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ABSTRACT: Investigate the individual and contextual variables related to caries in underprivileged adolescents, and the disparity in distribution of the disease. Cross-sectional analytical study, conducted in the city of Piracicaba, SP, Brazil, in 2012. The probabilistic sample was composed of 1,179 adolescents from 15-19 years of age, randomly selected from 21 state schools and 34 Primary Health Units - Family Health (PHU-FH). The dependent variables studied were number of decayed teeth and caries experience (DMFT). The independent variables were classified into individual (clinical, sociodemographic, psychosocial, self-perception, impact on oral health, access to services, and quality of life) and contextual (social exclusion index, total number of residents in suburb, literacy rate, and the following variables given in percentages: residences in the home ownership category, provision of domestic sewerage, trash collection, families with income of over 1 minimum wage per month, and families without monthly income) variables. The multilevel regression model was estimated by the PROC GLIMMIX (Generalized Linear Models-Mixed) procedure, considering the individual variables as Level 1 and the contextual variables of the suburbs as Level 2. Adjustment of the model was evaluated by -2 Res Log Likelihood with alpha = 0.05. As regards the individual variables, adolescents who declared having a prison inmate in the Family and resided in homes with a larger number of persons, showed a higher number of decayed teeth. There were a larger number of decayed teeth, a higher DMFT value, and worse self-perception as regards the health of their teeth and mouth. Other variables, such as being of the female gender, age and time since last visit to the dentist were related to the DMFT index. As regards the contextual variables, the DMFT was lower in suburbs with greater access to domestic sewage, and the number of decayed teeth was higher in suburbs with the worst social exclusion indices. Individual and contextual variables were associated with the presence of caries and DMFT index in underprivileged adolescents, indicating that they must be taken into consideration in the formulation of policies directed towards oral health promotion and prevention activities in this group.BMC Oral Health 01/2015; 15(1):6. DOI:10.1186/1472-6831-15-6 · 1.15 Impact Factor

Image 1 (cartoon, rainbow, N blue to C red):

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ABSTRACT: Objective The aim of this study was to investigate the association between intermediary social determinants, namely social support and social network with dental caries in adolescents.Methods An adapted version of the WHO social determinants of health conceptual framework was used to organize structural and intermediary social determinants of dental caries into six blocks including perceived social support and number of social networks. A cross-sectional study was conducted with a representative sample of 542 students between 12 and 14 years of age in public schools located in the city of Dourados, Brazil in 2012. The outcome variables were caries experience (DMFT ≥ 1) and current dental caries (component D of DMFT ≥ 1) recorded by a calibrated dentist. Individual interviews were performed to collect data on perceived social support and numbers of social networks from family and friends and covariates. Multivariate Poisson regressions using hierarchical models were conducted.ResultsThe prevalence of adolescents with caries experience and current dental caries was 55.2% and 32.1%, respectively. Adolescents with low numbers of social networks and low levels of social support from family (PR 1.47; 95% CI = 1.01–2.14) were more likely to have DMFT ≥ 1. Current dental caries was associated with low numbers of social networks and low levels of social support from family (PR 2.26; 95% CI = 1.15–4.44).Conclusion Social support and social network were influential psychosocial factors to dental caries in adolescents. This finding requires confirmation in other countries but potentially has implications for programmes to promote oral health.Community Dentistry And Oral Epidemiology 11/2014; DOI:10.1111/cdoe.12139 · 1.80 Impact Factor